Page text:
No one hates war more than a war fighter. 100,000+ Americans did not decide they really wanted to go visit Afghanistan for sun and fun, but political and other factors that manifested after Sept 11, 2001 changed things.
An airstrike does not happen in your scenario for two main reasons (among many others): Source grade and single source rules.
First, your Guy C is an unknown. His source report will grade him very low. It will be low because he's never reported before, nothing he said is corroborated through 3rd, unrelated sources and for some other reasons. All source reports are given a grade and only reports above a certain grade are acted upon. The rest are treated as, "stuff you might read on the internet."
Second, no strike package is getting approved with a single source HUMINT...even if it's graded at the very top (reliable from previous experience, etc). I don't want to get more specific but let's say very smart people are 3 steps ahead in thinking this scenario through and how to avoid the mistakes.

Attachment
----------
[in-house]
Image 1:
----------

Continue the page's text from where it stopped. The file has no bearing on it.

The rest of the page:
Your scenario does play out with the DEA in the US, but that has absolutely nothing to do with this article or my previous comments.
Do you see free market innovation thriving with DMCA despite the apparent lack of innovation?
Articulation of my question: When I buy a car, I can modify it. If people like my modification they can view it at my leisure and tinker themselves. GM doesn't sue me, and if I open a business to work on other GM cars to do similar GM vehicle modifications, then I have little legal exposure. However, with DMCA, GM can shut down a video if it's "suspected" I've infringed on a digital asset, and I can't legally sell modifications of their digital asset. This is why we see every new technology for digital streaming of data run a gauntlet of legal hurdles, which in turn stifles new innovation in the area of digital property.